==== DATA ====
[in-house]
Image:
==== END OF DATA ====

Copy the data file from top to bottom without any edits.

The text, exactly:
[in-house]
Image: